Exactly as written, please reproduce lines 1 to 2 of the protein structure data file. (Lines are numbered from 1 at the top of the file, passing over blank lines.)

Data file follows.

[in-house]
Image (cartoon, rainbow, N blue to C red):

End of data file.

[in-house]
Image (cartoon, rainbow, N blue to C red):